|comScore: July 2012 U.S. Search Shares, Google 66.8, Bing To 15.7 pct|
| 3:52 pm on Aug 20, 2012 (gmt 0)|
comScore: July 2012 U.S. Search Shares, Google 66.8, Bing To 15.7 pct [comscore.com]
|Google Sites led the U.S. explicit core search market in July with 66.8 percent market share, followed by Microsoft Sites with 15.7 percent (up 0.1 percentage points) and Yahoo! Sites with 13.0 percent. Ask Network accounted for 3.1 percent of explicit core searches (up 0.1 percentage points), followed by AOL, Inc. with 1.5 percent. |
|17.7 billion explicit core searches were conducted in July (up 3 percent), with Google Sites ranking first with 11.8 billion (up 3 percent). Microsoft Sites ranked second with 2.8 billion searches (up 4 percent), followed by Yahoo! Sites with 2.3 billion (up 3 percent), Ask Network with 548 million (up 6 percent) and AOL, Inc. with 264 million. |
Hitwise U.S. stats for July [webmasterworld.com]
| 2:48 pm on Aug 21, 2012 (gmt 0)|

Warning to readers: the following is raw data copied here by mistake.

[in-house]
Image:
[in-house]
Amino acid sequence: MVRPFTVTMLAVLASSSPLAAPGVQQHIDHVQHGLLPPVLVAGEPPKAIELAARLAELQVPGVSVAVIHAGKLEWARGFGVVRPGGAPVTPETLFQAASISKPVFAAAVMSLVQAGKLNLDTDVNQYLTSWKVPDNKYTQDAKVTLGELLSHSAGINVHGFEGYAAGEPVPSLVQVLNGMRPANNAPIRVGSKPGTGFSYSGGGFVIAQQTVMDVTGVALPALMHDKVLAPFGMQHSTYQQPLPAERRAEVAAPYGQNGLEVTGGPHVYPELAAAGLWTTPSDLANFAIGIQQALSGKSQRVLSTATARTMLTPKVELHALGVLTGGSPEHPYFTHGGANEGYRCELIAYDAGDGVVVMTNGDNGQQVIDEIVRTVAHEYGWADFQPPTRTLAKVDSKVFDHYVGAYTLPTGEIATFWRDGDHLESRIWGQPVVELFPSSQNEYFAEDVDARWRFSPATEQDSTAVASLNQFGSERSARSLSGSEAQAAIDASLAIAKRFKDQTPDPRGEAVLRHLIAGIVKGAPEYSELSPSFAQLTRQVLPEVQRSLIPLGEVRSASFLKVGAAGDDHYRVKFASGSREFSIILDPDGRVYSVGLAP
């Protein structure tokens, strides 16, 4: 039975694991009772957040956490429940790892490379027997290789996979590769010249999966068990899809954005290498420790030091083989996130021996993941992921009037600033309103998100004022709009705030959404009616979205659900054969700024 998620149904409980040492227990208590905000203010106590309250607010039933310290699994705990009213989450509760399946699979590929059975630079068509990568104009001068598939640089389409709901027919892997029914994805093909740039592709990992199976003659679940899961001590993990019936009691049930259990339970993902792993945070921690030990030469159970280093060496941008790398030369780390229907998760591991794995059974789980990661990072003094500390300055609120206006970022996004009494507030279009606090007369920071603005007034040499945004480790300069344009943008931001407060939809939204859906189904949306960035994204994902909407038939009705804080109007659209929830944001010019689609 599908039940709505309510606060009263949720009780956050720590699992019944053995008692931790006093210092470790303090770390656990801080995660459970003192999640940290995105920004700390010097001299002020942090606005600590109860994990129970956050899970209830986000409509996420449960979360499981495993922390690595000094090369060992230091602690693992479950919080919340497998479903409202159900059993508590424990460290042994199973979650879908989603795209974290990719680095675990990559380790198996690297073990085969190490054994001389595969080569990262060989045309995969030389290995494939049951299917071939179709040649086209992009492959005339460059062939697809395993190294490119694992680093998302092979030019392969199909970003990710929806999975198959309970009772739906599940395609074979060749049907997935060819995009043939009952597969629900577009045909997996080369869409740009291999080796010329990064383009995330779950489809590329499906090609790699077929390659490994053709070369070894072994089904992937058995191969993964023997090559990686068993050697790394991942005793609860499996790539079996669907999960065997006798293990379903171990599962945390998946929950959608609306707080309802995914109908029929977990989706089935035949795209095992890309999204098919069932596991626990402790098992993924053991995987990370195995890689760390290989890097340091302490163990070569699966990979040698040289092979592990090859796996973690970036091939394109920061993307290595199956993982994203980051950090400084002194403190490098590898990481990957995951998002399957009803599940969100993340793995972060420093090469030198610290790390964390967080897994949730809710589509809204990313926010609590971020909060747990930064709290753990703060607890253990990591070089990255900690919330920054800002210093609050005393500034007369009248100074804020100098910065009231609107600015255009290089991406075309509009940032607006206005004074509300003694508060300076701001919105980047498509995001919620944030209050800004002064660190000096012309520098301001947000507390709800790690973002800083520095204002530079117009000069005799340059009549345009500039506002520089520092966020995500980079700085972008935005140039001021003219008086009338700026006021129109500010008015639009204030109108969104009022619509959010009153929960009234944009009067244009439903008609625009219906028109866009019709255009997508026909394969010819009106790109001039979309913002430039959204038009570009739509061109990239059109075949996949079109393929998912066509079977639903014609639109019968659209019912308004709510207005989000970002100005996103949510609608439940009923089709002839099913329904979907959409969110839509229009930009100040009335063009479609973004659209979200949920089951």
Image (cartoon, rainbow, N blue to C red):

That's depressing yet again. If Bing continue to improve at 0.1% each month (and it's a big if) that means in five years time they will have increased their share by 6% - slightly more I suppose if compound interest is taken into account.
And by that time, if stats proceed as they going now, almost the entire market will be mobile and tablet based, and currently Bing have almost no share of that market. Bing will have spent billions trying to get a share of a market that is decreasing and they are ignoring the very market where they could get a foothold - mobiles and tablets.
Just take a look at the G SERPS from a mobile - it's pathetic, not mobile oriented at all. B should really go for that market IMO.
In five years time G may well be going strong, who knows, but almost certainly B will have given up the ghost at this rate.
| 11:37 am on Aug 22, 2012 (gmt 0)|
The real shocking news here is that total searches are down.
The total number of Web searches was down in July 2012, compared with a year ago, when Americans conducted 19.2 billion search queries, according to ComScore. Google led the search race at that time with 12.5 billion searches, followed by Yahoo with 3.4 billion searches and Microsoft with 2.6 billion.